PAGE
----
Sunday, May 25, 2014

What It's Like Being an Immigrant

-->An excerpt from a "response paper" for my Migration class last semester. (See more here.)

Lately, I've been thinking a lot about what it's like being an immigrant in the U.S., not just for me but for my parents and other immigrants as well. Screwed up immigration policies aside (which I'll write about another time), I want to talk here instead about the sacrifices that the generation that's migrating and their children, if they have any, have to make and what kind of hell that's like. Our folks "back home" don't really get this, and neither do non-migrants around us. So let's hope this helps. Also, please bear in mind that this may not be every immigrant's experience. It certainly is mine and that of the ones I know. In the migration class, a lot of the students were first or second generation immigrants like me, and we often shared our experiences and reflections on immigration, the whole "back home" stuff, our families, and so on; not all could relate to my experience in the same way that I couldn't always relate to everyone's there. (They were also mostly Hispanics.)

See, the struggles the generation migrating is forced to overcome might be invisible to outsiders but are haunting to those suffering from them. These sacrifices are tremendous and shape the next several generations after the family has migrated. However, the generation that makes the sacrifices is also the one that suffers the most, in many cases—and certainly in most cases I know personally. This might change depending on the different reasons that people migrate and what their identities might be, how well they are able to adjust to the new community, and how much they leave behind. Language and culture are often major issues for those unfamiliar with American culture(s) and with English, and this leads to vast cultural and language gaps between parents and children that widen the existing generational gap between them. As a consequence, the relationship between the different generations in one family can become unhealthy. This is one of the factors that migrants risk.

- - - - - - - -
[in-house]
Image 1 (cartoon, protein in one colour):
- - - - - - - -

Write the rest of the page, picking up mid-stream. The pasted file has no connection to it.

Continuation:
To be an immigrant is to be in a constant battle with yourself. It is to be in a liminal, in-between space, a space that you yourself cannot recognize, that is really hard to define and understand, that is neither there nor not-there. It is also to be in a battle with those closest to you and whom you love most (if you have them)—your parents. You understand them now far less than you would if “home” to you both were the same, if culture to you both were the same. But it’s not. Being an immigrant is to be raised in two different places with two different (in my case also opposing) cultures, where most of the choices we make come with sacrifices and battles with the self and loved ones.

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